** [[Viewing the System Log]]
 
** As of version 4.5beta2 of unRAID: - May now read syslog directly via browser by referencing 'http://tower/log/syslog' (substitute 'tower' with your server name). 
 
* Getting the SMART report
 
** [[Troubleshooting#Obtaining_a_SMART_report|Troubleshooting page, Obtaining a SMART report]] section
 
  
&lt;br&gt;
+
: Consider the many components between a program that wants to read or save data, and the physical drive surface that will actually store it.  Your program wants to access some data, so requests it, with a 'read block of data' request, but instead of the data it receives an error code or message back, called a 'read error'.  We will assume that the program is running fine, so what other components, software or hardware, touched it and might be reporting an error?
 +
:* the file system (the read request goes first to it)
 +
:* the OS I/O caching system (any I/O may go through the various system buffers and caches)
 +
:* the drive controller driver
 +
:* the PCI interface to the controller (includes the actual transfer of packets from the busses to the controller)
 +
:* the drive controller firmware (the software on the controller that actually manages the data flow)
 +
:* the controller port connector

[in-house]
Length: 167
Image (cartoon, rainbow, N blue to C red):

+
:* the SATA cable connector
 +
:* the SATA cable (could be a backframe connection)
 +
:* the SATA cable connector to the drive
 +
:* the drive's SATA connector
 +
:* the low level SATA link part of the drive firmware
 +
:* the higher level data managing part of the drive firmware
 +
:* the drive's caching systems
 +
:* the drive's mechanical data storage systems (platters and platter spinning, heads and head movement, seeking, sector ID'ing, reading, and writing)
 +
:* the actual drive surface
 +
: And you have to add in power issues to the above, power to the system, power to the controller, and power to the drive - any of which could cause unusual issues, hard to diagnose
 +
: And that's not all of them! There are more components that could be added between some of the above, and a number of them could be broken down into additional subsystems that could be listed above.